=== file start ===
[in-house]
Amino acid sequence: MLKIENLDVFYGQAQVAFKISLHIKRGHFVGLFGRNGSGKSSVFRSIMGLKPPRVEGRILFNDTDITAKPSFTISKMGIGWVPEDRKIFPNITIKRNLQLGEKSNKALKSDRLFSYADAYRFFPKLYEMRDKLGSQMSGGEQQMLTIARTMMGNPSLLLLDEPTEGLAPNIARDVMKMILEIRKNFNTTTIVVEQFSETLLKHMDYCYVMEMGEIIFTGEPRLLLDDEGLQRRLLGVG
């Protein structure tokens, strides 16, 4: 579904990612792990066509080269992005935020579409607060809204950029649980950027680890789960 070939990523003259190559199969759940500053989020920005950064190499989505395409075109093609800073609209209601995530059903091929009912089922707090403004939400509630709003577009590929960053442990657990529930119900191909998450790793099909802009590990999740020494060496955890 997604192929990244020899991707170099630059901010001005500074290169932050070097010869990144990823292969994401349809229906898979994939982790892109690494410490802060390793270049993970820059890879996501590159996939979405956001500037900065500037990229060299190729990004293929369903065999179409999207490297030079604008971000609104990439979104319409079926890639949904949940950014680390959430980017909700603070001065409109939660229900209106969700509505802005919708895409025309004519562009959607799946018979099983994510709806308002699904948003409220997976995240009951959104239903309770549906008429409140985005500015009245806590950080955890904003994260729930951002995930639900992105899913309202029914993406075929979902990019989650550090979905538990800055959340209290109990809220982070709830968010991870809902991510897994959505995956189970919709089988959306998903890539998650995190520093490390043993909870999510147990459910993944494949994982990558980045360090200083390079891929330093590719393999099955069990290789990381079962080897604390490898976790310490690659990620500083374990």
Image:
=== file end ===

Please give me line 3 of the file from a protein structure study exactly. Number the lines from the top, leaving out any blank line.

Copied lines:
């Protein structure tokens, strides 16, 4: 579904990612792990066509080269992005935020579409607060809204950029649980950027680890789960 070939990523003259190559199969759940500053989020920005950064190499989505395409075109093609800073609209209601995530059903091929009912089922707090403004939400509630709003577009590929960053442990657990529930119900191909998450790793099909802009590990999740020494060496955890 997604192929990244020899991707170099630059901010001005500074290169932050070097010869990144990823292969994401349809229906898979994939982790892109690494410490802060390793270049993970820059890879996501590159996939979405956001500037900065500037990229060299190729990004293929369903065999179409999207490297030079604008971000609104990439979104319409079926890639949904949940950014680390959430980017909700603070001065409109939660229900209106969700509505802005919708895409025309004519562009959607799946018979099983994510709806308002699904948003409220997976995240009951959104239903309770549906008429409140985005500015009245806590950080955890904003994260729930951002995930639900992105899913309202029914993406075929979902990019989650550090979905538990800055959340209290109990809220982070709830968010991870809902991510897994959505995956189970919709089988959306998903890539998650995190520093490390043993909870999510147990459910993944494949994982990558980045360090200083390079891929330093590719393999099955069990290789990381079962080897604390490898976790310490690659990620500083374990």